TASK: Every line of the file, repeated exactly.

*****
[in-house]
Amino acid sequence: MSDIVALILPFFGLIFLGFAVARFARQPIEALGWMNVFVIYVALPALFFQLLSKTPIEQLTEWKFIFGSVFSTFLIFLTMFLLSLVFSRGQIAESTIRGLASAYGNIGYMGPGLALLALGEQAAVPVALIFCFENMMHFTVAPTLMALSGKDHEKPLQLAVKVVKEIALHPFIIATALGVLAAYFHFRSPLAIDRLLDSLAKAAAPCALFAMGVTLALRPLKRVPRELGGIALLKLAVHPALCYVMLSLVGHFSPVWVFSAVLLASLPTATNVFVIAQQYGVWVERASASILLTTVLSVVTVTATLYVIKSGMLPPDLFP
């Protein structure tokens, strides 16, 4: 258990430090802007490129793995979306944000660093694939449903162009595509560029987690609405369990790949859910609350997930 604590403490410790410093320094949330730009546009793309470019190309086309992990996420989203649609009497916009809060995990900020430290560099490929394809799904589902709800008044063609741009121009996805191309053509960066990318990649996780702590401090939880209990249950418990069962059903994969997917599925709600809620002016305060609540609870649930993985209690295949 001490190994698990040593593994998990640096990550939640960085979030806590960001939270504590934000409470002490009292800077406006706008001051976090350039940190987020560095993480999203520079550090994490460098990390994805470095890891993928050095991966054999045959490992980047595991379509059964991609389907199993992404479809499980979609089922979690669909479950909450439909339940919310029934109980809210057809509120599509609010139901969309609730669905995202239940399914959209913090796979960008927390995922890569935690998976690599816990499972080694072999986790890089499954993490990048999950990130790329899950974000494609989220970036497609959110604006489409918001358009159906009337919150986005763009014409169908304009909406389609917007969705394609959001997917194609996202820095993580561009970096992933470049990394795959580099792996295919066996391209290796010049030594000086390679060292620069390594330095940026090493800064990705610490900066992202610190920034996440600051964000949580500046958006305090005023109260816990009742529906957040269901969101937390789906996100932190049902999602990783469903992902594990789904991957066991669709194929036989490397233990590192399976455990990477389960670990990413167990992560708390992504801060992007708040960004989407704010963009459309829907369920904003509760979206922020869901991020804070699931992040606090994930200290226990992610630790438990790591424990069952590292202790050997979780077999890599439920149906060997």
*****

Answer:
[in-house]
Amino acid sequence: MSDIVALILPFFGLIFLGFAVARFARQPIEALGWMNVFVIYVALPALFFQLLSKTPIEQLTEWKFIFGSVFSTFLIFLTMFLLSLVFSRGQIAESTIRGLASAYGNIGYMGPGLALLALGEQAAVPVALIFCFENMMHFTVAPTLMALSGKDHEKPLQLAVKVVKEIALHPFIIATALGVLAAYFHFRSPLAIDRLLDSLAKAAAPCALFAMGVTLALRPLKRVPRELGGIALLKLAVHPALCYVMLSLVGHFSPVWVFSAVLLASLPTATNVFVIAQQYGVWVERASASILLTTVLSVVTVTATLYVIKSGMLPPDLFP
């Protein structure tokens, strides 16, 4: 258990430090802007490129793995979306944000660093694939449903162009595509560029987690609405369990790949859910609350997930 604590403490410790410093320094949330730009546009793309470019190309086309992990996420989203649609009497916009809060995990900020430290560099490929394809799904589902709800008044063609741009121009996805191309053509960066990318990649996780702590401090939880209990249950418990069962059903994969997917599925709600809620002016305060609540609870649930993985209690295949 001490190994698990040593593994998990640096990550939640960085979030806590960001939270504590934000409470002490009292800077406006706008001051976090350039940190987020560095993480999203520079550090994490460098990390994805470095890891993928050095991966054999045959490992980047595991379509059964991609389907199993992404479809499980979609089922979690669909479950909450439909339940919310029934109980809210057809509120599509609010139901969309609730669905995202239940399914959209913090796979960008927390995922890569935690998976690599816990499972080694072999986790890089499954993490990048999950990130790329899950974000494609989220970036497609959110604006489409918001358009159906009337919150986005763009014409169908304009909406389609917007969705394609959001997917194609996202820095993580561009970096992933470049990394795959580099792996295919066996391209290796010049030594000086390679060292620069390594330095940026090493800064990705610490900066992202610190920034996440600051964000949580500046958006305090005023109260816990009742529906957040269901969101937390789906996100932190049902999602990783469903992902594990789904991957066991669709194929036989490397233990590192399976455990990477389960670990990413167990992560708390992504801060992007708040960004989407704010963009459309829907369920904003509760979206922020869901991020804070699931992040606090994930200290226990992610630790438990790591424990069952590292202790050997979780077999890599439920149906060997």